Forrester’s Jeremiah Owyang showed Obama’s social media success in comparative stats. 

It would be easy to hand some of the credit for the Obama victory over to social media–in fact, a number of industry voices have already done so. But to look to social technologies as a, or even THE, reason that the campaign succeeded would be to shortchange both the campaign and the technologies behind it. Obama gained leadership because he believed in the power of people to create change–and he harnessed the right social tools to mobilize this power toward a shared vision and goal.

Social tools are meaningless on their own, or, if not meaningless, little more than a conduit for noise and yammer. As such they work well. The “social grid” is unprecedented in its ability to transmit messages of any sort across connected populations. Free of friction, messages spread–for better or for worse.

It’s easy to imagine a campaign that utilized all of the required social conduits to spread its messages out, utilizing the “tubes” or “highway” metaphors that help people visually depict the “nets” part of the internets phenomonon.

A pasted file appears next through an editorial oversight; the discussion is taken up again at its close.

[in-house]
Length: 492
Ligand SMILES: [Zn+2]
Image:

And, sure enough, a campaign could certainly put a car on that highway or potato into that tube and fuel it forward to some desired destination knowing that it would get…somewhere. Maybe not there, but at least somewhere. We might have seen a campaign or two do this in the past months; we’ve certainly see businesses approach social strategy this way.

But if a campaign were to begin with a vision that the true power behind it was the power of people–their voices, their energy, their intelligence–and decided to honor the power of those people by offering tools that let them mobilize their energy toward a goal that they believed in–then, perhaps the destination could be reached.